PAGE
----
Things that drive writers crazy in relation to men

Ever tried to control you husband, boyfriend, son, or just about anyone of the male persuasion in general? While some women manage this task with great ease, others don’t!

In the first five books I’ve written I managed to match the hero/heroine up very well. In the first book, Andrew soon became powerless against his feelings and did the right thing when he realized he’d actually fallen in love with the strong and blunt Brooke. In the second book it was Liberty who needed to be the corralled and Paul was the man for the job. Instead of dominating her like some heroes do, he took a different approach to try to get her to step out from behind the curtain of propriety and stop denying who she was and it worked. It took a long time, but it worked. Then, Benjamin and Madison were written with the intent of keeping each other in check. Both had personalities with traits that helped them discover not just who the other was, but who they were and realize true love does last a lifetime.

Then came the second series. Without giving away too many details, I will say Alex meets the perfect woman for him. Though she comes from a different background and has a few different personality traits, they are very similar where it counts and balance each other out very well, bringing out a side in each other they never expected they had. The fifth book also has a good, equally matched set. BUT then there comes the sixth!

I am still trying to figure these two out. Of course I better do so rather quickly so it can be edited and ready in the next few months. However, this time I’ve created a woman more unafraid to be herself than Brooke and a man who’s made (and is still making) a blunder that rivals Andrew’s and Benjamin’s idiocy rolled into one. The only difference is love is the furthest thing from either of these two’s minds at this point so it’s not like they could have a giant revelation in the next day or two and decide to make things right (or compromise in her case).

The first five couples I created had difficult spots in their relationship but I was able to straighten them out with, mostly by giving the man the right heroine. This time, however, I think it’ll take nothing less than a swift kick in his pants (figuratively, not literally) to get him to do the right thing, and perhaps this stubborn woman is the right one to do that. But only if he can be somewhat agreeable long enough for her to maybe not fall in love with him, but at least like him. As it is now, she does neither, and that is quite a problem with a romance novel…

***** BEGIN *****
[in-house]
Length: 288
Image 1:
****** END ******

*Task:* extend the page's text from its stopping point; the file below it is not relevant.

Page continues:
So you see, whether in real life or in La La Land, it can be just downright difficult to control a man!

2 thoughts on “Things that drive writers crazy in relation to men”

  1. Is hero #6 the one with the scar or the a widower with kids? My mind is drawing a blank.

    Yes, men are horrible to try to control. You could go the route my husband once recommended to me. They’re still fighting and everything when he suddenly wakes up and thinks, “What a crazy dream” and snuggles up happily with the heroine as if nothing was ever wrong. I told him that kind of ending would never work, but he’s still convinced it would. LOL

    I don’t know if this would help, but sometimes I bite the bullet and just let the characters continue to do their stupid things to see if they can pull it off. It’s hard at times because I’m not always sure they can. Most of the time, they do, but sometimes they don’t, which requires rewriting. Anyway, just a thought. I loathe rewriting so I stress out when my characters give me problems.

    1. #6 is the widower with three little girls and he can’t decide if they need a mother or governess more so he marries a woman he wants to act as both. As you can imagine this does not endear him to her. And for good reason. The problem is I just don’t know how to fix this in a way where it’s actually fixed and believable.

      I don’t think your husband’s advice will work so well on this one. LOL That sounds like something my husband would suggest if he would actually listen to me when I ask for his advice. Instead he says, “You write it, I’ll read it.” So he’s not exactly a sounding board for me.

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